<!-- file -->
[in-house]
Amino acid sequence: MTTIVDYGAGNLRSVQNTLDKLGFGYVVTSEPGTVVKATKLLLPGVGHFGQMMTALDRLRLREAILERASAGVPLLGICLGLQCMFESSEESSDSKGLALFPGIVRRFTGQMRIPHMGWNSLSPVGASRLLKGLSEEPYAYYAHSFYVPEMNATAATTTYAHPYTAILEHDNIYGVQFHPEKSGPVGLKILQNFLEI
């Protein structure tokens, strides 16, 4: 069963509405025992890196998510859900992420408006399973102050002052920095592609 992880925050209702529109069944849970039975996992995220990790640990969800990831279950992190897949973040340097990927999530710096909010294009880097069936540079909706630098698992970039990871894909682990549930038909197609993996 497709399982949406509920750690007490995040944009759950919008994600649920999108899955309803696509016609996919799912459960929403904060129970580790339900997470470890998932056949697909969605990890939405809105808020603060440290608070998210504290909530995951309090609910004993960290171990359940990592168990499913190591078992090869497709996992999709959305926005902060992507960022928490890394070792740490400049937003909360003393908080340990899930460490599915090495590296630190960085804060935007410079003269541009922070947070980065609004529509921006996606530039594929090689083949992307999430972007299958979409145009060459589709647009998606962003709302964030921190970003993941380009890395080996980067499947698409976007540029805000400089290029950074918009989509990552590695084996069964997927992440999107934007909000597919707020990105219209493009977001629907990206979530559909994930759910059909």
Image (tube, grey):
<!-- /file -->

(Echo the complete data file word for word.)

[in-house]
Amino acid sequence: MTTIVDYGAGNLRSVQNTLDKLGFGYVVTSEPGTVVKATKLLLPGVGHFGQMMTALDRLRLREAILERASAGVPLLGICLGLQCMFESSEESSDSKGLALFPGIVRRFTGQMRIPHMGWNSLSPVGASRLLKGLSEEPYAYYAHSFYVPEMNATAATTTYAHPYTAILEHDNIYGVQFHPEKSGPVGLKILQNFLEI
């Protein structure tokens, strides 16, 4: 069963509405025992890196998510859900992420408006399973102050002052920095592609 992880925050209702529109069944849970039975996992995220990790640990969800990831279950992190897949973040340097990927999530710096909010294009880097069936540079909706630098698992970039990871894909682990549930038909197609993996 497709399982949406509920750690007490995040944009759950919008994600649920999108899955309803696509016609996919799912459960929403904060129970580790339900997470470890998932056949697909969605990890939405809105808020603060440290608070998210504290909530995951309090609910004993960290171990359940990592168990499913190591078992090869497709996992999709959305926005902060992507960022928490890394070792740490400049937003909360003393908080340990899930460490599915090495590296630190960085804060935007410079003269541009922070947070980065609004529509921006996606530039594929090689083949992307999430972007299958979409145009060459589709647009998606962003709302964030921190970003993941380009890395080996980067499947698409976007540029805000400089290029950074918009989509990552590695084996069964997927992440999107934007909000597919707020990105219209493009977001629907990206979530559909994930759910059909």
Image (tube, grey):